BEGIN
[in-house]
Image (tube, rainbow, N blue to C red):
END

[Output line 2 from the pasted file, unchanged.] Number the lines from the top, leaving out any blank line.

Image (tube, rainbow, N blue to C red):